DATE May 3, 2002 ACCOUNT NUMBER N/A
TIME 12:00 Noon-1:00 PM AUDIENCE N/A
PROGRAM Fresh Air
Interview: Om Puri discusses his acting career
TERRY GROSS, host:
This is FRESH AIR. I'm Terry Gross.
My guest, Om Puri, has made over 130 movies, mostly in Bombay, in the Indian
film industry known as Baliwood. He's acted in commercial films and art
films. He's also starred in the British films "My Son the Fanatic," in which
he played an Indian emigre whose son has become a Muslim fundamentalist, and
"East is East," in which he played a Pakistani emigre trying to raise his
children with Pakistani traditions.
Now he co-stars in the new Merchant Ivory movie "The Mystic Masseur," adapted
from a novel set in Trinidad by Nobel Prize winner V.S. Naipaul. It's about
a schoolteacher living in the island's capital city. When he learns his
father has died, he returns to the village where he grew up and decides that
in order to fulfill his dream of becoming a writer he should remain in the
village and write. Om Puri plays the neighbor who encourages him and also
wants to set him up with his daughter.
(Soundbite of "The Mystic Masseur")
Unidentified Man #1: Sahib, something happened to Leela's foot. I wonder if
you can take a look at it.
Unidentified Man #2: I'm not no doctor, man. I don't know how to take care
of nobody's foot.
Unidentified Man #3: Man, how can you say that? Your father was the best
massager we ever had. It's in your blood, sahib.
Leela, come here.
Unidentified Man #2: Where it hurt? It hurt here?
Unidentified Woman: Yes, sahib.
Unidentified Man #2: Or more over here?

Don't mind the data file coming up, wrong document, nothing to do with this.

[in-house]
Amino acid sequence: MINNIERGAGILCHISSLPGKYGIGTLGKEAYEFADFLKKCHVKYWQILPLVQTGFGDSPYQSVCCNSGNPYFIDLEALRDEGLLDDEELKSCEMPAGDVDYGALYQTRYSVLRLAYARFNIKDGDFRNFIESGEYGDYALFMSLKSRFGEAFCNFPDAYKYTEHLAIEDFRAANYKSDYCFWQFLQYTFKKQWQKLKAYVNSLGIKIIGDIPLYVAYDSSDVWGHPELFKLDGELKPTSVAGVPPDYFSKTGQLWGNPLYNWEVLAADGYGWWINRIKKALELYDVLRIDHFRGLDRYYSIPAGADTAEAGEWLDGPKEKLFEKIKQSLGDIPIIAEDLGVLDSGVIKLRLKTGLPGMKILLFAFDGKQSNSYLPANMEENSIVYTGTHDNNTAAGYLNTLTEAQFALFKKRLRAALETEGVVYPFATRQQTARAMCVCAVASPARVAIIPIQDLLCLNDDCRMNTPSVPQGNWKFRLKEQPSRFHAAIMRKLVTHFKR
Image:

Unidentified Man #1: You get the feel, sahib. You get the gift.
Unidentified Woman: Pa, it fixed. It don't hurt no more.
Unidentified Man #3: It fixed. Like I tell you, sahib, you is your father's
Unidentified Man #1: I wonder why you don't take up massaging. That way you
get to know everybody in the village. You part of the community, sahib, man
of the people.
GROSS: I spoke with actor Om Puri in 2000.
Now you made about 130 films in India. That's a staggering number of films.
Tell me what the production schedule is like that would enable you to make so
Mr. OM PURI (Actor): Well, India is the largest film-producing country in the
world. I mean, it's a huge country with 900 million people and about 23
different languages. And the main national language is Hindi. And, I mean, I
worked mostly in Hindi films. So for an actor it is not a big deal to do,
you know, 130 films there in 24 years. There are actors in India who really
overwork too much and they may be in their mid-60s or something and they may
have done 350 films, you know, which is quite--now, you know, for example, if
you have a major part, if you're playing a central part, then maybe you'll be
required for eight weeks to finish the film. And in some films you may have
smaller part, which means you may be required for three weeks or four weeks.
So easily you can do five, six films in a year.
GROSS: What are some of the typical roles you've played in Indian movies?
Mr. PURI: Well, I have been mostly associated--my only carrier for about 10,
12 years, I have been with the Arts Cinema, which is a cinema which is social
development which talks about social issues, social political issues, etc.,
which is small in nature, which is small in budget, also, and whereas the
commercial cinema is huge, big, big cameras, big money. And Arts Cinema gave
me respect, credibility, status and gave me opportunity to travel all over the
world because those films went to all kinds of festivals all over the world,